Spoilage organisms in food can grow depending on the type of food, packaging characteristics or storage environment. Existing microbial test methods rarely detect these, but a new technology is emerging to help processors improve shelf-life estimates and enhance food safety. By Alan Taylor, business manager- microbial detection, Mocon Incorporated
Maintaining food safety is key for food and beverage processors today. Andy Wong, channel sales manager, industry business, Schneider Electric Systems Singapore Private Limited, discusses a few tips for food manufacturers.
Foods that have a high moisture content, or are packaged in a metallised film for example, can produce what is known as ‘product effect’, and cause unwanted false readings of contaminant detection. How can this be overcome? By Jonathan Richards, head of marketing, Mettler-Toledo Safeline Metal Detection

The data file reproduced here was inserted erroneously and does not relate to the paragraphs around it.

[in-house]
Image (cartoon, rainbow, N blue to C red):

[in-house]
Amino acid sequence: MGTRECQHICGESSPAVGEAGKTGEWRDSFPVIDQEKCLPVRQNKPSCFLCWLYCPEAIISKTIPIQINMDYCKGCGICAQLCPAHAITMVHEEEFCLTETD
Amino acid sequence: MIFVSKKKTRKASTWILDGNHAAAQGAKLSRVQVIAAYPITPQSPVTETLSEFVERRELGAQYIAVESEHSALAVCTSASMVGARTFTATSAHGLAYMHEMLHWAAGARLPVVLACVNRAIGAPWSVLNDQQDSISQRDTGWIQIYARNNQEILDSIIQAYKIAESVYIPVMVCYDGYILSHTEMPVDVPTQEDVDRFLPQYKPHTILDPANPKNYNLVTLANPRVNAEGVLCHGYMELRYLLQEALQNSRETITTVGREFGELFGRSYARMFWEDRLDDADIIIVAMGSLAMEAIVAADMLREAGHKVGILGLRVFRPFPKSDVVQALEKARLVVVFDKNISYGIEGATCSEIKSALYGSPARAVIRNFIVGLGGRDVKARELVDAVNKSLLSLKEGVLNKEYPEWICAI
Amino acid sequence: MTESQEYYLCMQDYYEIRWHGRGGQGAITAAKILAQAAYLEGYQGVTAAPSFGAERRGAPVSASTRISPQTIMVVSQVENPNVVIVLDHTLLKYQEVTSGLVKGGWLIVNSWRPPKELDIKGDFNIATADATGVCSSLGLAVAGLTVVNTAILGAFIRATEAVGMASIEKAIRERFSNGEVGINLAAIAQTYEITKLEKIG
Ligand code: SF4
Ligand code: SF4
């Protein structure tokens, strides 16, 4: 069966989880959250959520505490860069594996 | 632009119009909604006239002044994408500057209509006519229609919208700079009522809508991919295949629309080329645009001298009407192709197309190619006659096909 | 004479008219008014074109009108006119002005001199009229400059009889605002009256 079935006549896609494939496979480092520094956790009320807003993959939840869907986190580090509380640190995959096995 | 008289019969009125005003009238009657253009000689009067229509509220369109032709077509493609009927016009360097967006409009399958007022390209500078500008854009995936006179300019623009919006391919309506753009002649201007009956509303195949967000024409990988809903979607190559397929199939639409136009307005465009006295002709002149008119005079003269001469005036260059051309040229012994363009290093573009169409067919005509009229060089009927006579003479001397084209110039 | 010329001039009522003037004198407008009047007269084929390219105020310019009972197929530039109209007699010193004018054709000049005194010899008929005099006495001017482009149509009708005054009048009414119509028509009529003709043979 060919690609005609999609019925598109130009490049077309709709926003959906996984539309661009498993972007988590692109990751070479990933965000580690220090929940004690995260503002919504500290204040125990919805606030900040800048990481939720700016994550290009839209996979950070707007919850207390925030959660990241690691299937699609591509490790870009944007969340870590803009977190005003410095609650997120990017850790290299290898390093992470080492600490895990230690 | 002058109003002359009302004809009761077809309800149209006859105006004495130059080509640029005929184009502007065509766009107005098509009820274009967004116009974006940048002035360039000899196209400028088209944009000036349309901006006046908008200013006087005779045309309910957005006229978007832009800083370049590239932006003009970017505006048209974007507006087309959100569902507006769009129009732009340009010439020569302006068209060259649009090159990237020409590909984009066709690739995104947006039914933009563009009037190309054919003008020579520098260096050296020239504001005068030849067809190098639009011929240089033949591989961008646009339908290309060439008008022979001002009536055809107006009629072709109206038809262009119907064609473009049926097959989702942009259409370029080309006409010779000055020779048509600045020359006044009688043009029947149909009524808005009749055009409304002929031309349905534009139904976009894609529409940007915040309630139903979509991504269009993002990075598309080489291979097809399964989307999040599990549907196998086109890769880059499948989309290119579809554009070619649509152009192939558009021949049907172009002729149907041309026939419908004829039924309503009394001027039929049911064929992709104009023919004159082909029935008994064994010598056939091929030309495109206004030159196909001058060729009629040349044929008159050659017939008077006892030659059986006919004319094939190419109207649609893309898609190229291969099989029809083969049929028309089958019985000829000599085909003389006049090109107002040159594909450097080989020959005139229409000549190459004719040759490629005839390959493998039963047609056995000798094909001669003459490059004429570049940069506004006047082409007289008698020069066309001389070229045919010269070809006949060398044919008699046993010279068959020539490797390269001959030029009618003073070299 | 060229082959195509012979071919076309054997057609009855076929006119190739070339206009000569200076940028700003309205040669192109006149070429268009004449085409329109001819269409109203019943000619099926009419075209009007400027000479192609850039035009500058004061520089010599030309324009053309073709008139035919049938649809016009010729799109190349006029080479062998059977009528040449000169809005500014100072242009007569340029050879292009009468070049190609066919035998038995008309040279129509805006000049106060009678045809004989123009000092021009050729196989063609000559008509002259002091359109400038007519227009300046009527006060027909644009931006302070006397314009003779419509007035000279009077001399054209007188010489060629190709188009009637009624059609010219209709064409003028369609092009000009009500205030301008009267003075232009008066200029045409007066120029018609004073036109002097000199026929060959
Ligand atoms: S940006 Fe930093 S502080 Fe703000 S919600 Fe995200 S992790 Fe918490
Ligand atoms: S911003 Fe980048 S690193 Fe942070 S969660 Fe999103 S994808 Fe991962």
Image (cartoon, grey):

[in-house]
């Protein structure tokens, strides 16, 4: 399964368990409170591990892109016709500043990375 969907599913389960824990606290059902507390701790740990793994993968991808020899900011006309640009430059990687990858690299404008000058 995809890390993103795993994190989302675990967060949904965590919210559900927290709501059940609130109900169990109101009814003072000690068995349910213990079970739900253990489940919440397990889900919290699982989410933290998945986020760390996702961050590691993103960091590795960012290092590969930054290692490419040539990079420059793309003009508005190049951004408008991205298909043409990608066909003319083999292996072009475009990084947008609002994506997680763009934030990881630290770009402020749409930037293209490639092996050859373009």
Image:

Equipment such as checkweighers and X-ray systems can take on multiple roles as part of a fully integrated packing line, explains Ciaran Murphy, quality control business manager, Ishida Europe.
Using big data can speed up foodborne illness outbreaks investigations to just a few hours, compared to the weeks and months that traditional investigations take. With as few as 10 medical-examination reports of foodborne illness, researchers at were able to narrow down the investigation to 12 suspected food products.
Ensuring safety in beverages is important for consumer health, and one such way to do this for manufacturers is through mass spectrometry during beverage processing. By Vincent Lau, field marketing manager, Southeast Asia, Sciex
The approach can be further developed for use with other pathogens and meats to enable risk-based decisions in products going in or out.